214 F.2d 571
70 Ohio Law Abs. 252
United States Court of Appeals, Fourth Circuit.
Argued June 14, 1954.
Decided July 19, 1954.
Robert C. Stackhouse and Howard I. Legum, Norfolk, Va. (Louis B. Fine, Norfolk, Va., on the brief), for appellant.
William C. Worthington, Norfolk, Va. (Worthington & White, Norfolk, Va., on the brief), for appellee.
Before PARKER, Chief Judge, and SOPER and DOBIE, Circuit Judges.
DOBIE, Circuit Judge.
Martha Harrison filed a civil action in the United States District Court for the Eastern District of Virginia against Joseph Kent Harrison, Jr., in which she sought to declare a Mexican divorce obtained by the defendant, Joseph Kent Harrison, Jr., void. She further asked the court to adopt an Ohio decree of divorce between the parties as to alimony and support money as a judgment of the District Court, and sought to require, by a judgment of the District Court, the defendant to pay both the past-due monies and monies accruing in the future for alimony and support, with power to enforce payment by attachment for contempt.
The District Court denied the defendant's motion to dismiss and ordered the defendant to file his answer. The defendant filed an answer, which was followed by motions for summary judgment filed both by the plaintiff and the defendant, and the defendant's answer to the plaintiff's motion to dismiss. The District Court granted to the plaintiff the relief sought in the complaint, and defendant has appealed to us.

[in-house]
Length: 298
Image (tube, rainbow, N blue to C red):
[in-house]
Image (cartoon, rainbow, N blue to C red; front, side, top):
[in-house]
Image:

Martha Harrison and Joseph Kent Harrison, Jr., were married in Middletown, Ohio, on September 11, 1937. Thereafter, they lived together in Shaker Heights, a suburb of Cleveland, Ohio. One child, a boy named Joseph Kent Harrison, III, was born of the marriage. He is now fourteen years old and his custody has been awarded to his mother by the Ohio divorce court.
In January, 1951, Joseph's growing domestic difficulties with Martha came to a head. She instituted, in the Court of Common Pleas of Cuyahoga County, Ohio, a divorce suit against him, in which he was personally served with process, retained a lawyer to represent him, made a temporary alimony and support money agreement and appeared by counsel in the divorce suit in connection with the filing of this agreement.
Soon thereafter, Joseph gave up his job in Cleveland which carried an annual salary of $9,200 and went to work in Norfolk, Virginia, with an annual salary of $6,000, for a company of which Marjorie Burton was an officer and the majority stockholder. He took this substantial cut in salary despite the fact that he had experienced considerable trouble supporting his wife and child on his salary in Cleveland. Apparently, Joseph and Marjorie were frequently together and became close friends. In the meanwhile, Joseph had tried, without success, to have the divorce proceeding go through to a final disposition. The wife, it seems, had several times had the case continued.
In early November, 1951, Joseph, on full pay from his Norfolk employer, left Norfolk for Mexico, where Marjorie joined him in less than two weeks. He stayed in Mexico about six weeks. On December 10, 1951, Joseph, without personal service on Martha, obtained a divorce decree from Martha, in the First Civil Court, Bravos District, State of Chihuahua, Republic of Mexico. About three days later, Joseph and Marjorie went through a marriage ceremony in Mexico. Very shortly thereafter, he returned to Norfolk.
During the events described in the preceding paragraph, the Ohio divorce suit had been pending unadjudicated. Thereafter, Martha went ahead with the Ohio divorce and was awarded a decree of divorce in her favor wherein Joseph was found 'guilty of gross neglect of duty and extreme cruelty towards plaintiff.' The decree also contained the following order:
'That plaintiff recover from the defendant the sum of $10,000 as an award for alimony and for support os said minor child of the parties, for which amount judgment is hereby rendered in favor of plaintiff against defendant and upon which judgment execution may immediately issue;